Surfactant-polymer (SP) flooding is one of the chemical EOR processes that are used to recover residual oil saturation. In high salinity/high hardness and high temperature applications many chemical flooding methods would not be effective. During the 80’s BP proposed low-tension polymer flooding (LTPF) method to overcome some of the challenges caused by using high concentration of surfactant during some early SP flooding projects and to reduce the cost of operation. Amphoteric surfactant shows high thermal and chemical stability in these environments was evaluated in this study.

An experimental study was conducted to evaluate the performance of the low-tension polymer flooding (LTPF) process in recovering water flood residual oil using two types of amphoteric surfactants, two types of anionic surfactants, and two types of polymers that are suggested to be used for high salinity / high hardness at elevated temperature. Surface and interfacial tension, zeta potential and core flood experiments were conducted to study the surfactant-polymer interaction at high salinity brine, ability of the solution to lower IFT, surface charge to predict chemical retention, tertiary oil recovery, oil cut and pressure drop during chemical propagation in the porous media. In this study Berea sandstone cores with 1.5 in. diameter and 20 in. length were used to determine the above parameters. The core flood experiments were conducted at temperature and brine salinity of 95° C and around 172,000 ppm, respectively.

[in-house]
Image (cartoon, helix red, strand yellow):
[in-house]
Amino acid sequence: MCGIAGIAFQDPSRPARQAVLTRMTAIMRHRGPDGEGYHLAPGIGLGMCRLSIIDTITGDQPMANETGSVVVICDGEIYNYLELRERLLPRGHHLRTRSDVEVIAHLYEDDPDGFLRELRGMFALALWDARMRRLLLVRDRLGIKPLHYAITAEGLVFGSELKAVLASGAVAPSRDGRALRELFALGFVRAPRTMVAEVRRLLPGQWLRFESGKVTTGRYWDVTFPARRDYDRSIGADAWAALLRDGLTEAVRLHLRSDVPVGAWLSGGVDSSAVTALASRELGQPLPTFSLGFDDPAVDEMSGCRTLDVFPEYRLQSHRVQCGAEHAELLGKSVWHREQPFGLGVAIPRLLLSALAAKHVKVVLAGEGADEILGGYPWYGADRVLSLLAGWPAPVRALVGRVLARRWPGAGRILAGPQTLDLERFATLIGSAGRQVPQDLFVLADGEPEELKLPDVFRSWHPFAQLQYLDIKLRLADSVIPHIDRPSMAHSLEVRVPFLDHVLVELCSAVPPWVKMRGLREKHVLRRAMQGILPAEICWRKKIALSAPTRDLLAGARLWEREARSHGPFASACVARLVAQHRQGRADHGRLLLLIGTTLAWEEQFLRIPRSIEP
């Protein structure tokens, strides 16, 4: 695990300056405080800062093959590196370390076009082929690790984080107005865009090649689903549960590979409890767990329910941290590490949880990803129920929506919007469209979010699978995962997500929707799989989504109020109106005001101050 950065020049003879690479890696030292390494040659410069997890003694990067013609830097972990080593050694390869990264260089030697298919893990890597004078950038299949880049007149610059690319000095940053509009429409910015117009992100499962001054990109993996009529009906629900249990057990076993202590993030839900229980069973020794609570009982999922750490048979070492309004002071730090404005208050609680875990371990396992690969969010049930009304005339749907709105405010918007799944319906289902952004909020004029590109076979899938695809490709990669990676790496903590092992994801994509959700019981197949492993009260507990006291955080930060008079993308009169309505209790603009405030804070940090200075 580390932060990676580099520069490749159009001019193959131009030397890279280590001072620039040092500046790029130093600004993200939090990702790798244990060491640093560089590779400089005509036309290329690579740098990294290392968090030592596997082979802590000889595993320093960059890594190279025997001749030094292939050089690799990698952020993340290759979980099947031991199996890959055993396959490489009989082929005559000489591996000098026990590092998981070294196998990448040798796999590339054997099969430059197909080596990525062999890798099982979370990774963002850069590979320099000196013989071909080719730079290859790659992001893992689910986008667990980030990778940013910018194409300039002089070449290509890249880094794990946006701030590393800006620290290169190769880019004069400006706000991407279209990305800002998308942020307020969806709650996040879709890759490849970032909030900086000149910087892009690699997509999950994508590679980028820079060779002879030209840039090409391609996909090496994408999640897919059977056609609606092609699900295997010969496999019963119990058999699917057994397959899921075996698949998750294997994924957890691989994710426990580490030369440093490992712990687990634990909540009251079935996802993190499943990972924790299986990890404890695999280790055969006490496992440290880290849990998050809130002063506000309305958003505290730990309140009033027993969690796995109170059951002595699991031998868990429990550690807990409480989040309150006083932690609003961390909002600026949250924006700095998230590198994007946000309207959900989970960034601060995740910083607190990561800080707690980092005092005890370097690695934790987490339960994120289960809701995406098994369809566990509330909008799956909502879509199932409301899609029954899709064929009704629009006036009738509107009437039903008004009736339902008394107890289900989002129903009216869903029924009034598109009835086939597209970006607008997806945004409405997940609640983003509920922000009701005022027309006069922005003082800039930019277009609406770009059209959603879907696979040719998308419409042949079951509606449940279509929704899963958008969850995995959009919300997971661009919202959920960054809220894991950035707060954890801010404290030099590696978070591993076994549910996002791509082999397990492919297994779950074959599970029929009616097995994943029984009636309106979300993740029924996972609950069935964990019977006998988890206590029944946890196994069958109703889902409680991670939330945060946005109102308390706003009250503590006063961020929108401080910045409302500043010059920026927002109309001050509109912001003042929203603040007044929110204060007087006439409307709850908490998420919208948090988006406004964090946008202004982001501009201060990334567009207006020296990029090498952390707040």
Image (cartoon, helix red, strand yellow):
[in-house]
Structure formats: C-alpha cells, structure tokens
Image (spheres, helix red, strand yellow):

Amphoteric surfactant showed association with two types of polymers, HPAM and AMPS that caused reduction in surface activity until polymer-free aggregate concentration was reached. Increasing polymer concentration increases the surfactant concentration needed to reach to polymer-free aggregate concentration. When HPAM polymer used in preparing chemical slug, it shows higher injectivity decline compared to AMPS. Anionic surfactant showed less chemical retention due to the negative surface charge on Berea sandstone particles when this type of surfactant is used. No significant recovery was obtained during surfactant flooding, which prove that IFT reduction can’t improve recovery without the aid of mobility control by polymers.

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